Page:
Friday, June 15, 2012

Organic pest management & Maggie's arch nemesis ~Pine Mountain, Maggie Ashmore


While I have already mentioned on this blog that I believe the dirty word of the summer is leaf blight, I also think that Squash Vine Borer, Mexican Bean Beetle, Colorado Potato beetle, Japanese beetle (you get the idea) also make the list. For gardeners, it can seem like the summer entails a never ending battle against garden pests and problems – deer, rabbits, moles, insects, diseases, weeds, etc.  Most experienced gardeners have a plan for dealing with these issues, and unfortunately most of these plans involve some pretty toxic chemicals. The majority of gardens I see use some organic principles and some conventional methods. This is one reason that the Grow Appalachia project is so wonderful. Through Grow Appalachia we are able to share organic alternatives with experienced gardeners and start new gardeners off with organic principles. While some people are skeptical about organic gardening, almost everyone is willing to try new methods.

This week we held our Organic Garden Maintenance and pest control workshop. The workshop covered ways to deal with many common garden pests, but I am just going to share with you a little bit about how to deal with my arch nemesis: the squash vine borer. I had never encountered this guy until two years ago, and during the past two gardening seasons he has completely won the battle between him and my garden. I have not tried any of the control methods listed below in past seasons, but I am this year. Several families took old row covers from us during the workshop to try covering some young squash and cucumber plants with. We will see how it goes (hopefully well)!

Adult squash borer moths look like a wasp with an orange abdomen with black spots. These pests lay flat, brown eggs at the base of squash plant stems.  Most gardeners do not realize that they have a borer problem until it is too late to save their plants. The larvae overwinter in the soil and emerge in the spring. The adults lay eggs at the base of the squash vine. The larvae burrow into the squash stem after hatching and move toward the base. The invaded plant will wilt and die. Begin monitoring plants in mid-June and stay vigilant through August in Kentucky.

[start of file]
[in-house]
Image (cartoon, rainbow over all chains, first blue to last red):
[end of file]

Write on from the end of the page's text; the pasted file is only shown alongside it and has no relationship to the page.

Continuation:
Borer and frass at entry point into stem
Adult squash vine borer moths









Cultural Control Methods:
  • To prevent moths from laying eggs on the base of the stem, young plants can be covered with a row cover. Covers need to be placed tightly around plants to keep moths from getting under them. Make sure that you are not trapping other insects under the cloth! These covers will need to be removed to allow for pollination once plants bloom.
  • Another way to prevent moths from laying eggs on the base of the stem is to wrap strips of row cover around the stem. Add more wrapping as the vine grows.
  •   If you notice saw dust like frass (bug excrement) on the stem, this will be where the larva entered the stem. Slit the stem with a knife lengthwise and remove larvae. Immediately cover the vine with soil.
  •   Remove infested squash vines immediately and destroy in order to prevent larvae from completing their life cycle.
  •     Remove all old boards and crop debris from garden area at the end of the season to prevent larva from overwintering in the garden area


Organic (OMRI approved) insecticides:
  • Insecticides are pretty ineffective against the vine borer, but a few specific methods can be used

o   Spray the vine weekly with insecticidal soap or Bt OR wipe the vine every five days with a damp cloth to wipe off eggs
o   Safer Brand Garden Dust (Bt) OR Green Light® Bt Worm Killer 2 OR Monterey Bt easy to mix liquid concentrate


Another common garden pest is deer. My family always built a fishing line fence around the sweet corn field by wrapping high strength fishing line around posts on the perimeter of the garden. The theory is that when a deer runs into the fishing line, they cannot see what they ran into and so they will not try to jump over something that they cannot see. One of our Grow Appalachia families has been using this system for the past two years, and they say that it works perfectly! 
Sonny Maggard's fishing line fence

3 comments:

  1. As usual a wonderful, informative post. And I was just talking to a participant who is anticipating deer problems. I will go get some fishing line today. KC

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  2. Having discussed a lot about pestcontrol, now it’s high time for us to discuss something about bed bugs and bed bug treatment.


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